(Mike McVay) Much has been written in the way of tributes to the Los Angeles Dodgers longtime play-by-play announcer Vin Scully who died August 2nd. The many heralded events he called include announcing games when Jackie Robinson was a player for the Brooklyn Dodgers, Sandy Koufax perfect game and more recently Clayton Kershaw’s no-hitter. The list is long.
Scully’s gift for storytelling was an offshoot of his first ambition: sports writing. Scully’s skills as one of the most descriptive broadcasters began in a time when more people listened to sports on the radio than watched it on TV. There was no such thing as watching a sporting event on a stream in those days. Most of America was dependent upon audio first. You could see the green of the field and thought that you could smell the new cut grass.
The very best play-by-play talent paint a picture by describing everything they see as if they’re describing a game to a person who lacks the sense of sight. Describing the obvious important parts of a game, but adding the vision that acknowledges surroundings, atmosphere, the intangible feeling that is created by the crowd and allowing the sounds associated with a game to bleed through in the background.
Vin Scully also knew when and how to use silence to magnify a moment and make the audience a part of the experience. A grand slam in a critical game? After making the call, he paused and you heard the roar of the crowd, and suddenly … you were there. The fact that the average person listened to Vin and never thought about the uniqueness of what he was doing, is proof that he made the “hard” to appear “easy.” That’s something all of the great ones do. It’s easy, until you try to do it, too.
Baseball may not be America’s pastime anymore, but it still signals so many things that many of us who grew up listening to it, think of when we hear a game today. It means summer is coming when you hear the first game in late March/early April. It’s a part of the time of year when the sun rises early and sets late. When kids are out of school. When you started counting the days to a vacation. When the playoff’s approach, it means school has started, football season has begun, leaves are turning, and winter isn’t far away.
The homerun call, that exciting statement that is exclaimed enthusiastically when a ball leaves the ballpark, adds to the game’s excitement level. It also is a part of the memory fabric of the game. My hometown team is the Cleveland Guardians, formerly known as the Cleveland Indians, and Play-by-Play artist Tom Hamilton’s “It’s back, wayyy back, gone …” is one of my favorites. Hamilton is an efficient personality who uses only the words necessary to completely explain or describe the purpose of his talk. The word economy he presents is punctuated enthusiastically, never losing his genuine enthusiasm.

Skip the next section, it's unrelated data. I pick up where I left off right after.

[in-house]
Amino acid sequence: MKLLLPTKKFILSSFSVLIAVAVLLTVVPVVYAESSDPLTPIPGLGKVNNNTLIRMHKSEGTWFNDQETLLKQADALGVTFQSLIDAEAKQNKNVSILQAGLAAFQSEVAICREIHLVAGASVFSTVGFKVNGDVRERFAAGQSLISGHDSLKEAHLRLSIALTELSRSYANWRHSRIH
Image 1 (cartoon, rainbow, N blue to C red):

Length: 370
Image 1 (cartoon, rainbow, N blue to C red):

Ken Levine, who is well known for the many shows he’s written, (M*A*S*H, Cheers, Frazier and more), in addition to having been “Beaver Cleaver” as a Top-40 DJ, has experience as a Baseball play-by-play talent. We worked together at KTNQ/Los Angeles, which is where I first saw and heard his creativity, given that he is a powerful storyteller. Ken once told me that, when he was with the Baltimore Orioles, he started the season using the home run call “Elvis has left the building.” That worked until he had to say “Elvis … is off the wall.” That certainly creates a visual.
Bob Prince, the Pirates PBP announcer when I was a child growing up in Pittsburgh, created “The Green Weanie.” He was known for always following a close win with the words “We had them all the way.” Joe Nuxhall and Marty Brennaman worked for the Cincinnati Reds. The duo would froth each other into a frenzy during tight spots on the diamond. They made me long for a rain delay just to hear them converse with each other. You likely have your own favorite announcers. Think about what they did/do that stuck with you? What’s the one thing they said that made a lasting impression on you.
There are few on-air personalities that really focus on the practice of telling stories efficiently. That is, too few possess what many major league baseball play-by-play personalities do in regard to being a visual communicator. One can argue that baseball, being the slowest of the pro-sports to broadcast, allows for more time to paint a picture. Yet, it’s not really about the amount of time it takes to be descriptive but using pointed descriptions that are relatable. Which is something that all talent can do. If you can enable the audience to visualize your story, you will have connected with your audience. That enriches their listening experience.
Think of the gift given to us by the great Vin Scully. Remember and appreciate him for his pioneering style. Communicate in stories. Tell those stories visually and descriptively. Use audio, when more appropriate than words, and engage silence or use an abnormally long pause, when a moment is to be magnified.
Mike McVay is President of McVay Media and can be reached at [email protected]